Agre, who won the 2003 Nobel Prize in Chemistry and was vice chancellor for science and technology at Duke from 2005-2008, presented his recent research on malaria in sub-Saharan Africa. He also recalled the moment that all Nobel Laureates remember: that life-changing phone call from Sweden. “It’s a very pleasant experience,” he admitted.
Goldstein, who won the 1985 Nobel Prize in Physiology or Medicine, first met Lefkowitz in 1968 when they were in the same cohort of “Yellow Berets” — young physicians commissioned into the National Institutes of Health and the Public Health Service during the Vietnam War. He urged young researchers to approach science with a sense of adventure.
“Have the courage to take risks,” he said. “Try new approaches and avoid bandwagon research. If scientists don’t take risks, science will stagnate.”
Varmus, who won the Nobel Prize in Physiology or Medicine in 1989, was a medical school classmate of Lefkowitz’s at Columbia and also a fellow Yellow Beret.
“The scientific life has changed in many ways, but discovery remains a joy,” Varmus said. “The path to a career is longer and harder, but there are more branches to choose from. The demography of science has become more diverse, but we still have a long way to go. Basic and applied science have moved closer together, but the demand for application threatens broad inquiry. One thing remains the same: friendships are essential for a fulfilling life in science.”
One of Lefkowitz’s closest friends, Duke Chancellor Emeritus for Health Affairs Ralph Snyderman, MD, joined the faculty in 1972, just before Lefkowitz did. The two soon took up the habit of running together — an activity they continued, five or six days a week, for some 30 years.
“We once calculated that we ran over 50,000 miles together,” Snyderman said. “We were like brothers without the sibling rivalry. What I think differentiates Bob as a scientist is the courage to do the really hard experiments and the persistence to stick with it. He has incredibly high standards. He’s totally focused, and he is totally committed to the people who work with him.”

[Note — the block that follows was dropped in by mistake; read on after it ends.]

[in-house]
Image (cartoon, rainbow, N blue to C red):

Lefkowitz himself spoke passionately about the need for young scientists to find the right mentor. For many of them over the past 50 years, that mentor has been Lefkowitz: many of his trainees have achieved great prominence and won major awards, including the Nobel Prize. He succeeds, he said, when they succeed.
“I’ve never led anything bigger than my lab,” he said. “But I’ve tried very hard to help my trainees use their powers to maximum effect. Training in science is an apprenticeship. It’s experiential. It requires you to pour yourself completely into your goal.”
Lefkowitz, who turned 80 in April, was moved by the large contingent of alumni from his lab who returned to Duke to reconnect and share in the celebration.
“What an incredible few days we just shared,” he said. “I want to thank everybody who took the time to join in, and especially those who came from long distances to help me celebrate these two very special landmarks in my life. Never have the words been truer than when I say, ‘I couldn't have done it without you.’”
Photos by Chris Hildreth/Rooster Media